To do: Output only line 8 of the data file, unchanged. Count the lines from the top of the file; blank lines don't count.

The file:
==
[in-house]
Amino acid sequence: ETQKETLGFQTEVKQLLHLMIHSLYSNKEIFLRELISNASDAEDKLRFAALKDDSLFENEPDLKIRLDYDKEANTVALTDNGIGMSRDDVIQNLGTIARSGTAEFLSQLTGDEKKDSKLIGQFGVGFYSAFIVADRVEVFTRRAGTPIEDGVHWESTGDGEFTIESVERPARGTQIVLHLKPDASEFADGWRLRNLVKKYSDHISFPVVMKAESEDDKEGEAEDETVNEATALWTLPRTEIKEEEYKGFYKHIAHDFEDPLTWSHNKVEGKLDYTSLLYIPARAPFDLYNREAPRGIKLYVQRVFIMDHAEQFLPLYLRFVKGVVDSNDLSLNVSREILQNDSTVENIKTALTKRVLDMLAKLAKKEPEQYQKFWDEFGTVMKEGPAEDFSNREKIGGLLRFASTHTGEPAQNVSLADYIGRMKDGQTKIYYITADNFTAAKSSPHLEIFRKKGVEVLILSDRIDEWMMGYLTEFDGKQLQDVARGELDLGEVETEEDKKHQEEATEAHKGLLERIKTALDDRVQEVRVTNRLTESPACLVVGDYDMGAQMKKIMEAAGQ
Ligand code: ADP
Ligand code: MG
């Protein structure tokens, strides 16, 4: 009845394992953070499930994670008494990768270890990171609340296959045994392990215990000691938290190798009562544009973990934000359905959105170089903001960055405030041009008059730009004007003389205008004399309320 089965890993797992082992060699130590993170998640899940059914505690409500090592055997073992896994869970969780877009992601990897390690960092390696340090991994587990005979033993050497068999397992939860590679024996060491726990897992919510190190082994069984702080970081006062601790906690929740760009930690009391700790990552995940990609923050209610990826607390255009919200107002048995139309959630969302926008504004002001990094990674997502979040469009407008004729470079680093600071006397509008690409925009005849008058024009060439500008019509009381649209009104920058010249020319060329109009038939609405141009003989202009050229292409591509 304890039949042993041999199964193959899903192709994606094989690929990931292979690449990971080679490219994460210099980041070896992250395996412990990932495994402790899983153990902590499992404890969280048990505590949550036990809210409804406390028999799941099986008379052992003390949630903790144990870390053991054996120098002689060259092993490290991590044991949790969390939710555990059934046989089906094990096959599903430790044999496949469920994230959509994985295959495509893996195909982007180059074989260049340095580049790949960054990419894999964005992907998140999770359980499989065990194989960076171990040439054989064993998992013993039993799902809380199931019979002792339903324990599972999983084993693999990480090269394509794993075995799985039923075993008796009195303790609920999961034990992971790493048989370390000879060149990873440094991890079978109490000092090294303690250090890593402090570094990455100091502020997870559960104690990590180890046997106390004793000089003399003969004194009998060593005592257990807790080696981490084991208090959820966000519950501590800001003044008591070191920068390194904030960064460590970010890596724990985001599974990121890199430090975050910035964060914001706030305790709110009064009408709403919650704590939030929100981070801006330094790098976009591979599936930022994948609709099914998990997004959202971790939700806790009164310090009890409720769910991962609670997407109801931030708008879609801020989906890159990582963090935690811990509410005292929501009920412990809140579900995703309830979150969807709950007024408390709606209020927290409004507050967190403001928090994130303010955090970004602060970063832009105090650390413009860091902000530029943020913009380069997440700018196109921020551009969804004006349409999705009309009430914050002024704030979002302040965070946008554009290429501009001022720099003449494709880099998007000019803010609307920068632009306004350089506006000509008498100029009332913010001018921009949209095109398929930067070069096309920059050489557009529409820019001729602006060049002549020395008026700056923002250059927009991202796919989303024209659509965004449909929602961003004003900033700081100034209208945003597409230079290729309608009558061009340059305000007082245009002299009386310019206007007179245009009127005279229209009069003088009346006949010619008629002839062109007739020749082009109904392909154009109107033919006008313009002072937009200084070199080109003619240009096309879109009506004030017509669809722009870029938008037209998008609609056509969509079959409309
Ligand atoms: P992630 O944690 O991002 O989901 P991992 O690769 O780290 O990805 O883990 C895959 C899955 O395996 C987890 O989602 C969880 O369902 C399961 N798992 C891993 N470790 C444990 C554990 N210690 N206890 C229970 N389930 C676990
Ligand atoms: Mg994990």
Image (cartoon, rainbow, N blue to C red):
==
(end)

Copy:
Image (cartoon, rainbow, N blue to C red):